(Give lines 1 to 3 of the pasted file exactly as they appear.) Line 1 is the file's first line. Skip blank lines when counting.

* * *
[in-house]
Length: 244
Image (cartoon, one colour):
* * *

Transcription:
[in-house]
Length: 244
Image (cartoon, one colour):